6. The question then arises whether Rule 24 (7) is inconsistent with the provisions of the Adhiniyam. The validity of the rule cannot be upheld once it is found that it is inconsistent with the provisions of the Adhiniyam. In my opinion, Rule 24 (7) is not inconsistent with any of the provisions of the Adhiniyam. Under the democratic set up established by the Constitution and the laws of our country, an elector who is given a right of franchise, is entitled to vote at the election. The Constitution itself confers right of franchise on all the adults irrespective of their physical infirmity. Similarly, Section 7 (1)(a) of the Adhiniyam confers a valuable right on each and every member of the Kshettra Samiti to exercise his right of vote for electing a Pramukh. There is no provision under the Adhiniyam taking away that valuable right on the ground of blindness, illiteracy or other kind of physical infirmity. The legislature must be aware of the situation that some of the members of the Kshettra Samiti may be suffering from blindness or other infirmity and due to that physical infirmity they may not be able to record their vote but even then, no provision was made in the Adhiniyam that such persons shall not be permitted to record their votes with the assistance of others. The legislative policy is clear that a blind, illiterate and physically infirm member has a right to vote at the election of Pramukh. The State Government framed the impugned Rule 24 (7) to carry out that legislative intent and Policy. Some procedure or method was required to be laid down to enable the exercise of right of vote by blind, illiterate and physically infirm members, and it was for that purpose the Rule in question has been framed.
In an election where votes are recorded on symbols, even an illiterate person may record his vote but in that case also a blind or a physically infirm person may require assistance for purposes of recording his vote. The election of Pramukh is held on the basis of single transferable vote, which requires giving of preference by the voters. The system contemplates that the voter shall mark his choice by indicating its preferences on the ballot papers against the name of the candidates. Thus, if a voter is illiterate or blind, he will not be able to read the names of the candidates nor record his preferences, and it will not be possible for him to record his vote at the election. Under the Adhiniyam there is no provision taking away the right of vote of a blind, illiterate or otherwise physically infirm elector. The Rule making authority, therefore, considered It necessary to make provision for recording of votes by the illiterate, blind and otherwise physically infirm electors and for that purpose Clause 7 of Rule 24 was framed. In the absence of any such provision all those electors who may be blind, illiterate or otherwise physically infirm could not exercise their vote for the election of Pramukh. Consequently they would have stood disfranchised. That would have been inconsistent with the legislative intent and policy. Their right was required to be protected and some procedure was necessary to be laid down for enabling them to exercise their right of vote. The State Government therefore framed the impugned rules to enable such persons to record their votes. Such a provision, in my opinion, is consistent with the provisions of Section 7 of the Adhimyam.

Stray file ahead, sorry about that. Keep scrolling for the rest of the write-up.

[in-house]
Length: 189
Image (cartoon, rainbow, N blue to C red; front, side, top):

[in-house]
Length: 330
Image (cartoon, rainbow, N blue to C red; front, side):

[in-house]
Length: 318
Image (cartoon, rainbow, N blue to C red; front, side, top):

7. Generally there are two modes of voting which are followed by all democratic countries, one by ballot and the other by viva voce voting. The former implies secrecy while the latter involves publicity. The system of voting by ballot has been generally adopted In the United States and in England. In our country we have also adopted voting by ballot. This system implies secrecy of voting which is different from the viva voce voting namely voting by show of hands. To safeguard purity of elections and expression of free will by an elector without fear or influence the system of secrecy of voting has been adopted universally. In case of secret voting the elector is not required to disclose the manner in which he may have voted under that system every possible effort is made to ensure secrecy of voting. In the insant case, Rules 16 to 24 provide procedure for voting which require that the elector shall record his vote secretly. Under Rule 30 even an inspection of ballot papers used by electors is not allowed. Inspection of ballot papers is no doubt permissible under the orders of a competent Tribunal during the trial of election petition. These provisions ensure secrecy of voting at the election of Pramukh.